As we move towards a number of stories surrounding one of our favorites flexible methods of automation, we begin with a look into Aeon Labs’ latest range extender.
For those building out their Z-Wave networks in their home or business, that find it can be hard to get certain gadgets to communicate with their main controller due to distance, this is an option that can easily solve things for them.
If you are familiar with Z-Wave networks and how they work, you may know that a lot of Z-Wave devices (cameras, sensors, outlets, etc) act as repeaters on top of their normal functions. This allows you to build out a complicated network of devices all over without having to worry as much about how far they are from the controller (hub). However, in some cases, you may find that you have to place a device far away (let’s say, a door lock) and there doesn’t happen to be any devices in between allowing you to fill the gap with. In these scenarios, you might find communication issues between that device and the hub and you will a need range extender to fill that space with.
So find the middle point (or close to it) and slap one of these guys in the wall. As long as the space between the extender and hub (as well as extender and device) are within range of each other, it will complete the path and you should be fine to continue on with life. Aeon Labs’ Range Extender 6, is exactly this. It is a simple device that plugs into the bottom option in a wall outlet and helps to extend your Z-Wave coverage. It works just like it would with mesh-style Wi-Fi networks.
This is the latest (2017) version of their extender and now incorporates Z-Wave Plus support as well for added security and more. It is small and doesn’t take up any space around the outlet, allowing you to still make use of the plug insert above it.
It is also equally as easy to connect to your hub. We used a VeraPlus in our test and were up in running in under a minute. You start off by plugging the extender into an outlet that is relatively close to the hub (they usually tell you it’s best to get real close, but as part of the test, we added ours at around 30ft away from the hub with walls in between and it worked fine). The LED on the side of the device will begin to change colors in a looping gradience. You will then access the configuration screen of your hub and set it into pairing mode. Then press the button on the side of the extender (or give it two taps within one second instead, if you want to pair it with encryption mode for Z-Wave Plus, which is what we did). If all works well, the LED will go solid. If it returns to a gradient rotation of colors, you need to try again.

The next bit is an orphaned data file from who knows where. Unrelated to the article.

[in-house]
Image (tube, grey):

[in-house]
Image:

After a while, the LED on ours went out. So apparently no light, is good. To make sure of this, we unplugged it and took another device out of range (a GE Z-Wave plug module). We took it far enough so that the controller (VeraPlus) would report back problems of seeing it. We then plugged the extender in about half way between the controller and the plug module. After a minute or so, the plug module began to respond. I would say that was a success.
With the VeraPlus, it did have the extender available in the listed known devices for pairing. You could also add it as a generic device and it should recognize it just fine that way as well. Once it has been paired to your controller, there doesn’t seem to be anything you need to do. It immediately begins to function. If for whatever reason, your controller shows an on/off option for the device, you apparently can ignore this. They state in the instructions that there is no support for on/off functionality and for some reason Vera (and other controllers) may display it as an option anyway. They claim no matter what you do with those on/off buttons, nothing will change on the extender. As long as it is plugged in and paired, it is always on and working (unless of course it itself is out of range of the controller).
Not bad right? All you have to do is plug it in, go through a simple pairing process and you’re done. Now if only everything was that easy.
It’s easy to get functioning, it is affordable at around $30 or less and solves any range problems you may have quickly. I think that covers it all. Since it seems to have worked out perfectly on our first try, there isn’t really anything to complain about. You know what that means! This is when a product receives that rare 10/10 rating from us. It’s functional, affordable, doesn’t lack anything we could wish for and doesn’t cause you to lose any hair.
*Average price is based on the time this article was published
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